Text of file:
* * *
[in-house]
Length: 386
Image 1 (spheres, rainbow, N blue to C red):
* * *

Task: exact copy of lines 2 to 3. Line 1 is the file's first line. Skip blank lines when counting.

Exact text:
Length: 386
Image 1 (spheres, rainbow, N blue to C red):